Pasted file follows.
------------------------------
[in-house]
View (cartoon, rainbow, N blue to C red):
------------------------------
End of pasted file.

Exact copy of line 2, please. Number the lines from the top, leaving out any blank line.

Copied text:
View (cartoon, rainbow, N blue to C red):